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VW: “Fuel cell cars won’t save the world”

By Joe Romm on November 23, 2007 at 12:18 pm

"VW: “Fuel cell cars won’t save the world”"

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Looks like the beginning of a trend toward realism:

One of the most senior forward-thinkers at Europe’s bigger car-maker … Volkswagen’s head of research Dr Jurgen Leohold told Autocar that he thinks fuel cell cars like VW’s own HyMotion Touran research car are not the future of alternative power, and are only really being developed as a sop to ever-tightening emissions laws in places such as California.

Describing them as a “marketing exercise,” he said their inherent problem lies with producing
the hydrogen fuel to power them, and in establishing an infrastructure of hydrogen filling stations. “Because hydrogen has to be produced using existing power, CO2 emissions are still an issue,” he said.

Ouch!

But if not hydrogen, what could possibly be the answer?

Instead, Dr Leohold reckons the immediate future of alternative power for cars lies with biofuels
and beyond that with battery power, and we’ll see huge improvements in battery technology in the next five years. “You can see it already in mobile phone and computer batteries,” he said.

It would be nice if GM or Honda would make such a statement.

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5 Responses to VW: “Fuel cell cars won’t save the world”

  1. Eric Sutherland says:

    Another devastating blow to the pseustainability movement.

  2. Ken Armstrong says:

    Dear sirs,

    I am new to your web page so I do not know whether you have looked into Compressed Air Technology (CAT) as a viable option. Please see attached link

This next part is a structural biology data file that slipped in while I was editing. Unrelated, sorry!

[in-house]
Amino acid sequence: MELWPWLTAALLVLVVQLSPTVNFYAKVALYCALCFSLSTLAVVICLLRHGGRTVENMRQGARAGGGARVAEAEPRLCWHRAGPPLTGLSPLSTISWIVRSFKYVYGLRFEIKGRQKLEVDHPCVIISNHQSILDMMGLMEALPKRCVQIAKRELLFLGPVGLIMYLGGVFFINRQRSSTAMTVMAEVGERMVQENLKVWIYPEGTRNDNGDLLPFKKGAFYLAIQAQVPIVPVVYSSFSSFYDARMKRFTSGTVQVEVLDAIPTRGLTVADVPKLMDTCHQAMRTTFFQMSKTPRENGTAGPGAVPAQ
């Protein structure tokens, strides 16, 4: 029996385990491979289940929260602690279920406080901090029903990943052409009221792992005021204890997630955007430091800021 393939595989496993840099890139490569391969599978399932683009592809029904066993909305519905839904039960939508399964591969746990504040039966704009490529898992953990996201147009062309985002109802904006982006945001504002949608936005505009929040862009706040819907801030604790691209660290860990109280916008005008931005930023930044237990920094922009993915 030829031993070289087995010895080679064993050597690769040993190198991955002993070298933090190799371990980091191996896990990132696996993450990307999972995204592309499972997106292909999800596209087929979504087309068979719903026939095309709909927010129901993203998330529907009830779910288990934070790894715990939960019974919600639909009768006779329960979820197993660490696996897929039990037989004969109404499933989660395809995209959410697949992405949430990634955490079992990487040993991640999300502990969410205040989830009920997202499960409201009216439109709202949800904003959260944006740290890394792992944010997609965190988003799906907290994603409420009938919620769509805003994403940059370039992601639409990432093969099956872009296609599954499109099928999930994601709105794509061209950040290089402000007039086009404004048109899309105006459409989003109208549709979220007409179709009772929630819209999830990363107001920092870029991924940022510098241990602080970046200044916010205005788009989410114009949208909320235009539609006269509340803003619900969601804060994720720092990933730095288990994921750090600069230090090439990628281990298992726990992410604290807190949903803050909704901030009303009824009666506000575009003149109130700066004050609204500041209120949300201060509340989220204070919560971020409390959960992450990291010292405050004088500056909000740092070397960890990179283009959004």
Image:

http://www.theaircar.com/index.html

    Best regards

  3. Lisa Roberts says:

    The only thing stopping a working hydrogen cell is money. Money, that won’t be going into the pockets of the big powers.

    There are fuel cells that use water to make hydrogen there would be no need for hydrogen filling stations. It would change the economy too much I suppose for the average person to not have to buy fuel.

    Compressed air could be used too but again the people who control money aren’t going to go for it.

    Someone could probably make some big bucks selling plans for a hydrogen cell that produces hydrogen from water that can be installed on a vehicle. The people who could do this probably do fear for their lives…

  4. Joe says:

    Sorry — hydrogen cells don’t make hydrogen from water. Electrolyzers, do — and they need tons of old-style electricity to do so.

  5. Theodore says:

    As a hydrogen advocate, I see criticism of fuel cell vehicles based on the assertion that carbon emissions are still a problem as completely absurd. I don’t advocate the use of hydrogen produced by any carbon-fueled process, and I cannot imagine why environmentally concerned readers of Climate Progress would consider such a system. The basic assumption of the hydrogen vehicle concept is that renewable energy will be used to generate the hydrogen. If not, then it is unsupportable. It comes entirely to a question of cost. Until the whole process has been tested by substantial commercialization, I would never dream of having any confidence in projections that paint the electrolysis option as too expensive. We should withhold judgements about cost until substantial commercialization makes a ruling. Until then, it’s just a debate between variously deficient imaginations.